McLean's Brain

Celebrate Diversity!

It's a Small World After All

I grew up in a small town near Ottawa, Ontario. Needless to say, cultural diversity was more of a stick than a branch or tree. When I moved to Hamilton, I was finally exposed to a more diverse population. This was certainly evident in the school system.

During a professional development day, we watched this video clip from the book If the World Were a Village, by David J Smith and Shelagh Armstrong. Though at the time it was intended to be used for Mathematics, It certainly put things in perspective.

Ch. 0: If The World Were A Village
When teaching reading, we are supposed to activate prior knowledge so that students can create connections and make sense of what they are reading. If we provide text that does not do this, we are going to have learners who are disengaged. We must also create new knowledge for students who may not know or understand the customs and beliefs of others. Finally, we need to teach the historical impact that others have made on this planet, such as contributions of First Nations peoples in Canada. It is important that our school libraries and classrooms have diverse literacy resources that are representative of all cultures. Talk to your colleagues and people in your community, and share resources. The Internet is a great place to start, but the personal touch when it comes to cultures makes a huge difference.

Creating a diverse and inclusive classroom environment means that everyone feels valued and a part of something bigger than what they are. When students and staff feel like they belong, they are willing to take more risks. This type of environment will always lead to learning. Check out this Inclusive Classroom Checklist for additional ideas!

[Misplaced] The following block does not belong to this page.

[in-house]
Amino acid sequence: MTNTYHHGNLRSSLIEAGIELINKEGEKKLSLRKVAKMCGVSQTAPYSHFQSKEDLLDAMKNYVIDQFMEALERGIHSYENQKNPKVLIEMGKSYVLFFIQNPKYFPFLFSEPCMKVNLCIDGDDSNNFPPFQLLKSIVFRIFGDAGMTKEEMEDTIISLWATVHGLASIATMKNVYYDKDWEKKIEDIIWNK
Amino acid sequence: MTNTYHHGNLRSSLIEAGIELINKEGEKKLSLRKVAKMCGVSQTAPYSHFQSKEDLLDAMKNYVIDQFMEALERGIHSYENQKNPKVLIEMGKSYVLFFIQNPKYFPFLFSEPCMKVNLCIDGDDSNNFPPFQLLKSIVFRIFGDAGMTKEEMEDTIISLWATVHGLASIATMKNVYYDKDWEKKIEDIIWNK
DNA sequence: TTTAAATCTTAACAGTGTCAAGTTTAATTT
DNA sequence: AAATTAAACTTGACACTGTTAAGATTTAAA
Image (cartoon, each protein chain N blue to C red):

Global Focus

Not only is it important to celebrate our differences, but we must also focus on things we share. This is why teaching environmentalism is hugely important. There are a limited amount of resources on our planet, and they need to be sustained. One of my favourite books for teaching enviromentalism is The Lorax, by Dr. Seuss. Though I prefer the book, here is the link to the original animated program.
The Lorax (original)
This past year also offered some amazing opportunities to celebrate diversity on a global scale. We used the 2014 Winter Olympics as a platform to learn about different cultures and compete in a variety of modified Olympic Winter Sports. Students chose a country, did some research and decorated their classroom door like their adopted country. Considering the 2015 Pan-American games will be held in Toronto (and Hamilton!) next year, we will have another authentic opportunity to learn about games and customs from other nations. Check out this OPHEA Site to plan your own activities. Get connected, have fun, and make a difference!
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